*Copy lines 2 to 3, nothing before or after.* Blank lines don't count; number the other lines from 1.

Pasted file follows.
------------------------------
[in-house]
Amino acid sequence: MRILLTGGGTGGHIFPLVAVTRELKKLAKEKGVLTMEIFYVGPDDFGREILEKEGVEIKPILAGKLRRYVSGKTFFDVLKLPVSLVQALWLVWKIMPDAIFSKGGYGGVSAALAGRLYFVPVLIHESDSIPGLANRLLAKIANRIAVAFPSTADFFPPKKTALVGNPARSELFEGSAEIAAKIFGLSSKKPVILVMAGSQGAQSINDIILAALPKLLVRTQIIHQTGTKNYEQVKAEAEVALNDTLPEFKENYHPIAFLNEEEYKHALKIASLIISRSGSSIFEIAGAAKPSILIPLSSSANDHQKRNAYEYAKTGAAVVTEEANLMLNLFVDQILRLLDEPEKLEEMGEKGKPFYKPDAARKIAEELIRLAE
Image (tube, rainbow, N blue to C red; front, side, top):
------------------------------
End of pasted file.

Amino acid sequence: MRILLTGGGTGGHIFPLVAVTRELKKLAKEKGVLTMEIFYVGPDDFGREILEKEGVEIKPILAGKLRRYVSGKTFFDVLKLPVSLVQALWLVWKIMPDAIFSKGGYGGVSAALAGRLYFVPVLIHESDSIPGLANRLLAKIANRIAVAFPSTADFFPPKKTALVGNPARSELFEGSAEIAAKIFGLSSKKPVILVMAGSQGAQSINDIILAALPKLLVRTQIIHQTGTKNYEQVKAEAEVALNDTLPEFKENYHPIAFLNEEEYKHALKIASLIISRSGSSIFEIAGAAKPSILIPLSSSANDHQKRNAYEYAKTGAAVVTEEANLMLNLFVDQILRLLDEPEKLEEMGEKGKPFYKPDAARKIAEELIRLAE
Image (tube, rainbow, N blue to C red; front, side, top):